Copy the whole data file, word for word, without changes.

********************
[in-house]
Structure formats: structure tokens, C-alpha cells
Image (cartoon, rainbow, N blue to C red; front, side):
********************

[in-house]
Structure formats: structure tokens, C-alpha cells
Image (cartoon, rainbow, N blue to C red; front, side):